Removing Gravestones from Graveyards: The Ethical Considerations


Some of the most interesting old gravestones in New England can be found in some of the most unlikely places: church basements, historical societies, monasteries, museums and, in some cases, even in private homes. With few exceptions, the caretakers of these stones have told me they had been removed for preservation reasons. I found this somewhat unsettling. And so I began to do some research on both ethics and the law. Iíve relied heavily on Lynette Strangstadís book on graveyard preservation, but would also like to thank the archivists and curators who offered their professional opinions, Madelyn Williamson who found time to answer my questions, and, as always, the Association for Gravestone Studies for their gracious help and invaluable research facilities.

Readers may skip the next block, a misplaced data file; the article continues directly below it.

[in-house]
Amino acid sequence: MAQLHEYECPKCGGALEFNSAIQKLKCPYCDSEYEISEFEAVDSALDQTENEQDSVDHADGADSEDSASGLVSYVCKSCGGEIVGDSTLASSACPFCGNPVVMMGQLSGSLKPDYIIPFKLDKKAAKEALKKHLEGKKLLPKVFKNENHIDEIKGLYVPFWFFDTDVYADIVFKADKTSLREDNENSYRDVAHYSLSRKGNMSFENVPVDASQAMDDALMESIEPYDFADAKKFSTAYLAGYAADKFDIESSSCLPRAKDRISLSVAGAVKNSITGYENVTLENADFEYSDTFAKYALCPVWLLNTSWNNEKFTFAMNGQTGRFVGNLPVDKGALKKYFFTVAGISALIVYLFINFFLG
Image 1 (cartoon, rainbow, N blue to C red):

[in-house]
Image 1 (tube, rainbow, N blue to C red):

It should be noted that many states have laws against removing stones from graveyards. In New Hampshire, House Bill 456FN makes this type of action a Class B felony. One of the many people involved in the authorship of this law, Madelyn Williamson, told me quite frankly ďItís punishable by law because itís vandalism and itís theft.Ē But the sheer number of gravestones now housed indoors tells me that this law is a difficult one to enforce. Furthermore, there may be good reason to remove stones from a burial site. The Museum of Fines Arts in Boston, which is an extremely reputable institution, has a sizeable collection of old gravestones. And, in fact, the oldest known gravestone in New England is housed with the Rhode Island Historical Society. Iíve seen these stones. I donít like seeing them in an indoor setting. But, my concern, as with all of the members of NHOGA is what is the best way to preserve the old stones that grace our New England graveyards. Is there really a point at which it is in our best interest to remove the stone from its original surroundings? When is this point reached? ďWhat are the criteria? Who makes the decision? What should be done with the stones and do they really belong indoors? Letís look at the ethics behind the law.